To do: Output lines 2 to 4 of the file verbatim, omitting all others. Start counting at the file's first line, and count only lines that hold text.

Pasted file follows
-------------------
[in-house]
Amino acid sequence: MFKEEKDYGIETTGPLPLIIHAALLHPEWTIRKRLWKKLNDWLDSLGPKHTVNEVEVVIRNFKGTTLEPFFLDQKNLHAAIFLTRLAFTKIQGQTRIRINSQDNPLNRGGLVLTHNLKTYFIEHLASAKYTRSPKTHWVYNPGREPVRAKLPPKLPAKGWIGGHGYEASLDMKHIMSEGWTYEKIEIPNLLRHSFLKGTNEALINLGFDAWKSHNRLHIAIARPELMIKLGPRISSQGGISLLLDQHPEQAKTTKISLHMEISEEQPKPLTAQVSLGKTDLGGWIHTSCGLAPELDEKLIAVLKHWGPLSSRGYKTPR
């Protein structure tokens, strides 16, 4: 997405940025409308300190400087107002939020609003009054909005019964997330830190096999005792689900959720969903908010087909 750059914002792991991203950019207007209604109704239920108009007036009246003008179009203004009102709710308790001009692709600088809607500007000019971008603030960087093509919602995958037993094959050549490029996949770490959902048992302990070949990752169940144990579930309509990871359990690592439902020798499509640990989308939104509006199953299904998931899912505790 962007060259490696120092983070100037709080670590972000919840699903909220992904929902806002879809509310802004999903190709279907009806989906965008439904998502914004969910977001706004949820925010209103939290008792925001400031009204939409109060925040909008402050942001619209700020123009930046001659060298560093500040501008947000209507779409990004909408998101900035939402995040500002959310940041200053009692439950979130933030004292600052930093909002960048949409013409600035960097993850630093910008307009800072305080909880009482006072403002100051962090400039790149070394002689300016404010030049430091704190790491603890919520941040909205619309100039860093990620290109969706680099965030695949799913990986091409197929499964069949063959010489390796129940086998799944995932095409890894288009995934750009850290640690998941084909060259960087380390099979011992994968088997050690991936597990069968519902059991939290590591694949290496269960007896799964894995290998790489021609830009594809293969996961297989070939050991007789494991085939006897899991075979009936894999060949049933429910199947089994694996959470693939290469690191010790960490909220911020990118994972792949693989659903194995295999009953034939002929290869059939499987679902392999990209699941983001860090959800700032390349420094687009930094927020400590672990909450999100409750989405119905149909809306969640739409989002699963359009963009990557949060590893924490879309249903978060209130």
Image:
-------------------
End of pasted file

Amino acid sequence: MFKEEKDYGIETTGPLPLIIHAALLHPEWTIRKRLWKKLNDWLDSLGPKHTVNEVEVVIRNFKGTTLEPFFLDQKNLHAAIFLTRLAFTKIQGQTRIRINSQDNPLNRGGLVLTHNLKTYFIEHLASAKYTRSPKTHWVYNPGREPVRAKLPPKLPAKGWIGGHGYEASLDMKHIMSEGWTYEKIEIPNLLRHSFLKGTNEALINLGFDAWKSHNRLHIAIARPELMIKLGPRISSQGGISLLLDQHPEQAKTTKISLHMEISEEQPKPLTAQVSLGKTDLGGWIHTSCGLAPELDEKLIAVLKHWGPLSSRGYKTPR
């Protein structure tokens, strides 16, 4: 997405940025409308300190400087107002939020609003009054909005019964997330830190096999005792689900959720969903908010087909 750059914002792991991203950019207007209604109704239920108009007036009246003008179009203004009102709710308790001009692709600088809607500007000019971008603030960087093509919602995958037993094959050549490029996949770490959902048992302990070949990752169940144990579930309509990871359990690592439902020798499509640990989308939104509006199953299904998931899912505790 962007060259490696120092983070100037709080670590972000919840699903909220992904929902806002879809509310802004999903190709279907009806989906965008439904998502914004969910977001706004949820925010209103939290008792925001400031009204939409109060925040909008402050942001619209700020123009930046001659060298560093500040501008947000209507779409990004909408998101900035939402995040500002959310940041200053009692439950979130933030004292600052930093909002960048949409013409600035960097993850630093910008307009800072305080909880009482006072403002100051962090400039790149070394002689300016404010030049430091704190790491603890919520941040909205619309100039860093990620290109969706680099965030695949799913990986091409197929499964069949063959010489390796129940086998799944995932095409890894288009995934750009850290640690998941084909060259960087380390099979011992994968088997050690991936597990069968519902059991939290590591694949290496269960007896799964894995290998790489021609830009594809293969996961297989070939050991007789494991085939006897899991075979009936894999060949049933429910199947089994694996959470693939290469690191010790960490909220911020990118994972792949693989659903194995295999009953034939002929290869059939499987679902392999990209699941983001860090959800700032390349420094687009930094927020400590672990909450999100409750989405119905149909809306969640739409989002699963359009963009990557949060590893924490879309249903978060209130």
Image: